I approached these two stocks in a cynical frame of mind, expecting to damn rather than praise them. Yet on closer inspection, both have their attractions and now I think they might be worth popping into a balanced Stocks and Shares ISA portfolio.
Royal Mail Group
Investors in Royal Mail Group (LSE: RMG) have had a rotten time lately, with the stock plunging 55% in the past 12 months. Deservedly so, given that it has issued a string of bad news for investors, as it battles to cope with falling letter volumes and advertising revenues, plus the added threat of renationalisation by any Jeremy Corbyn-led Labour government.
Investors felt even more pain when management hacked back the dividend by a hefty 40% earlier this year. The cut doesn’t look so drastic in retrospect, given that Royal Mail was yielding an unrealistic 12% at the time. Today’s forward yield is still a bumper 7.7%, covered 1.5 times by earnings, although you can’t completely rule out another cut.
Today’s valuation is drawing in bargain seekers, and Royal Mail certainly looks tempting trading at 8.7 times forecast earnings. The downside is that analysts are predicting a 24% drop in earnings per share this year, followed by a small 4% rebound in the year to 31 March 2021, as revenues climb slightly.
Royal Mail is a lumbering beast in a competitive industry, with operating margins of just 1.5%, albeit forecast to rise to 2.9%. A return on capital employed of 5.9% also underwhelms, while management needs to invest heavily to drive future growth.
That said, if you like buying troubled companies, you might be tempted by its recovery prospects. I’d call it a risky buy for long-term income and growth seekers.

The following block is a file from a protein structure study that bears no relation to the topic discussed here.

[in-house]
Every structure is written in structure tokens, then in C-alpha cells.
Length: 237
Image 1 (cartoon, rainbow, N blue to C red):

Doesn’t time fly? In September, it will be exactly five years since David Lewis was appointed Tesco (LSE: TSCO) boss with the brief of turning the company around after a string of setbacks, including failed foreign ventures, an accounting scandal and disenchanted customers.
Lewis has done a solid job but now I’m wondering whether the early magic is wearing off. Maybe like football managers, CEOs can only outperform for a limited period, before the whole operation needs a reboot.
Tesco’s market share fell another 20 basis points to 27% in Kantar’s most recent set of figures, yet I actually think the group has done well to hold onto so many customers, given the many challenges it faces. The grocery sector is one of the toughest of all, as customers feel the pinch, as Aldi and Lidl power on, and as Brexit weighs on just about everything.
City analysts are surprisingly optimistic about Tesco’s future, predicting double-digit earnings growth for the next three years (13%, 10% and 11%). I haven’t seen such a positive set of earnings predictions for a FTSE 100 stock in some time. You can buy the Tesco share price at 12.8 times forecast earnings too, adding to the attraction. Others take a less rosy view of this stock, though.
The forecast yield of 3.8% is below the FTSE 100 average but nicely covered twice by earnings, and it’s forecast to hit 4.4% in the next couple of years. Maybe Lewis can work his magic a little longer.
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Harvey Jones has no position in any of the shares mentioned. The Motley Fool UK has recommended Tesco. Views expressed on the companies mentioned in this article are those of the writer and therefore may differ from the official recommendations we make in our subscription services such as Share Advisor, Hidden Winners and Pro. Here at The Motley Fool we believe that considering a diverse range of insights makes us better investors.